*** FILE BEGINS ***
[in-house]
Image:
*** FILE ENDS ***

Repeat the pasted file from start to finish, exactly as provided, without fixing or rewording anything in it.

[in-house]
Image: